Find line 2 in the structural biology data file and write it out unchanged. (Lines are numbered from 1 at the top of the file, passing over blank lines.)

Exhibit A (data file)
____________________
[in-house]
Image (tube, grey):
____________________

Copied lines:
Image (tube, grey):